PROSPECT HEIGHTS — Attacks on Jewish people in New York City have spiked 375% in the first two months of 2022 compared to the same period last year, police statistics show. It’s an alarming number of incidents that have caught the attention of leaders in the Diocese of Brooklyn.
Nearly 2,000 years since the crucifixion of Jesus, concerns persist that some malicious people who hear the story of the Passion of the Christ during Lent might justify antisemitism, in thought or deeds.
The Ecumenical & Interreligious Affairs Commission of the Diocese of Brooklyn works to ensure no one confuses the Gospel message with doing the opposite, such as sucker-punching Hasidic teenagers on the street.
“The message of the Gospel — the love of God and the love of neighbor — of course, negates antisemitism,” said Sister Celia Deutsch, a member of the commission. “But we’re living in an age of really gross, mass intolerance. And any kind of intolerance is evil.”
Sister Celia is joined on the commission by its former chairman, Msgr. Guy Massie, and the current chairman, Father Michael Lynch, who also serves as the vicar for Ecumenical & Interreligious Affairs, and pastor of Our Lady of the Cenacle Parish in Richmond Hill, Queens.
Last year the panel developed a Lenten routine: Sharing resources built around three essays that remind priests to preach with context and clarity during Lent, Easter, and Pentecost to deter misinterpretations of the death and resurrection of Christ.
The commission hosted a Feb. 22 webinar on this topic.
They talked about how Gospel texts, with the exception of Luke, were written by Jews for Jews who intensely debated the messiahship of Jesus. For example, in John 20:19, the apostles, after the crucifixion, are described as huddling behind locked doors, “for fear of the Jews.”
“With a lack of explanation,” Msgr. Massie said, “you could see how a young person could go home and say, ‘You know, the Jews killed Christ.’ But what does that mean?”
Context, he added, is essential to distinguish between the Jewish leaders who conspired in the arrest of Jesus and thousands of other Jews who followed him.
They also noted it was the Roman government that ordered his execution.
Msgr. Massie said many Christians, including Catholics, see the Jews as a “monolithic group.”
“That wasn’t true then and it’s not true now,” he said. “We tend to look at Judaism as we tend to look at the Church — that all Jews are the same. But they’re not all the same. They’re all very different, as Catholics are different.”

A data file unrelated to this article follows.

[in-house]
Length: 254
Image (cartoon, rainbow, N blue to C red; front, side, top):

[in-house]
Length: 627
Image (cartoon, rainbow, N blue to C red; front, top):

Likewise, commission members warned against assuming all modern Catholics reject antisemitism.
“Sadly, the issue that we run into is priests in our generation who say, ‘Oh, everybody knows that already,’” Father Lynch said. “But we have to keep reminding people to love your enemies, to pray for those who hurt you, as Jesus always did.”
Hate-crime arrest reports don’t specify a suspect’s religion, so the potential can’t be quantified. Still, the members agreed that the possibility can’t be ignored; the diocese is a large community with an estimated 1.5 million members.
But, Sister Celia said, “Catholics, and non-Catholics, are humans.”
History has proof of that. As Christianity became more “gentile” these internal Jewish polemics became a Christian-Jewish debate. Consequently, the Jewish people were seen as enemies of Christians.
Anti-Jewish actions spanned the earliest days of the church, through the Middle Ages, and into the 20th century. History shows Jews were ostracized and forced to leave their countries. But once they resettled, many were violently persecuted, like in the pogroms of Eastern Europe and the Jewish Holocaust during the Second World War.
But later, leaders in the Roman Catholic Church took steps to improve relationships with Judaism.
The Second Vatican Council, under the leadership of Pope Paul VI, issued ‘Nostra Aetate 4’ and other documents reminding Catholics, including clergy, to present the Passion narratives in their historical context. Succeeding popes and the U.S. Conference of Catholic Bishops continued support of Nostra Aetate 4.
These efforts were praised by Rabbi Brad Hirschfield, president of the National Jewish Center for Learning and Leadership, based in New York City.
“I think it’s beautiful that there are people in the Church’s infrastructure who are concerned about this,” he said. “I don’t see or hear of priests, using the pulpits to teach the story of the Passion in a way that mobilizes antisemitic feelings, let alone actions.”
Rabbi Hirschfield, a longtime friend of Msgr. Massie, has collaborated on programs offered by the Ecumenical & Interreligious Affairs Commission. He was unable to participate in the Feb. 22 webinar because of a previous commitment.
He called the webinar “an opportunity to better understand why an issue that some of us think is so important was not so unimportant to the vast majority of our peers and colleagues.”
Rabbi Hirschfield said efforts by the Catholic Church “positions us to have an opportunity not just to repair the past, but to build a better future.”
“It took us 1,900 years and now most of us know that antisemitism is wrong,” he added. “What can we do for the next 19 months, in the next 19 weeks, to actively struggle against antisemitism?”